We can differentiate several actors in different environments. The cell tower will communicate with the iPhone to process the incoming call. Next, the iPhone starts ringing but also sends a push notification to Apple alerting of an incoming call. Apple’s Push Notification Service (APNS) then sends a notification down to all the iDevices connected with the same Apple ID informing that there is indeed an incoming call waiting to be picked up. The MacBook receives this push notification which includes the internal IP and port of the iPhone and displays a popup with the caller and the option to pick-up or hang up. Finally, the MacBook sends the very first packet over LAN to that IP to look for the iPhone and waits for a response. The P2P connection is established and the voice transmission between MacBook and iPhone begins.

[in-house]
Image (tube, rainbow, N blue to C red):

3 different environments
3 different environments

The protocol works on 3 different environments that are also 3 possible targets. GSM, Internet and Local Network. We could target any of these but I focused on the Local Network for a number of reasons:

  1. GSM would imply breaking LTE or taking advantage of existing downgrade attacks. Very illegal and not what I wanted to focus on.
  2. The internet part relates to Push notifications. Apple uses an encrypted channel with cert pinning. Doing something here would imply breaking/bypassing TLS.  If I could achieve that, I would not have to look further. That would be the actual vulnerability to be reported and I would get tons of street cred.